Harrystan raises media debate
When the Ministry of Defence approached the BBC – along with other parts of the UK media – to ask us not to tell our audiences about a possible deployment of Prince Harry to Afghanistan, it was something we thought long and hard about… After five months of discussions… the MoD and the UK media reached an understanding; we wouldn’t speculate or report on the prince’s deployments to minimise the danger to him and to others. In return, we’d get access to him before, during and after his time in Afghanistan.
Then yesterday, the Drudge Report – the online US website famous for breaking the story of Bill Clinton’s relationship with Monica Lewinsky – put the story on its front page. The game was up. We, and the other broadcasters, agreed with the Ministry of Defence that the story was out and it would be wrong not to tell our audiences what had been going on.
But as Polly points out in the comments, you have to question the MoD’s motivation here as much as the BBC and other British media outlets willingness to comply with what is arguably a propaganda exercise,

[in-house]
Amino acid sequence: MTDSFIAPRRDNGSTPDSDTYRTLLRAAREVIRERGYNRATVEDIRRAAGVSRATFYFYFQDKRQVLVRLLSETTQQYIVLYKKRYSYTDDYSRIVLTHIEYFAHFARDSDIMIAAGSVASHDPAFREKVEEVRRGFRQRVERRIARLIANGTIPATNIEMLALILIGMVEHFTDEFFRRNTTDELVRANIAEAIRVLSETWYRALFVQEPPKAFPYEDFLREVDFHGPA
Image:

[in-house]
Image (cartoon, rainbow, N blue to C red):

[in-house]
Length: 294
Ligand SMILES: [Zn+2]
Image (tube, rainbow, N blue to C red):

In essence, Harry has been trained for a job he cannot do for security reasons. Why not retrain him for something he can do? link
While the fact that Prince Harry is in Afghanistan fighting in the name of the country he may well rule one day is newsworthy, the news of his deployment pales into relative insignificance when compared to the mass of unreporting that has gone in Afghanistan.
On the same day the Prince Harry story broke (yesterday) news of a suspected covert US bombing of South Waziristan in neighbouring Pakistan barely scraped a column inch. On balance, the Harrystan story would appear to be little more than a rather well run PR exercise on the part of the MoD.
Whether or not the story broke early by accident or design makes little difference to the result – celebrity not story wins the day in the eyes of the British media.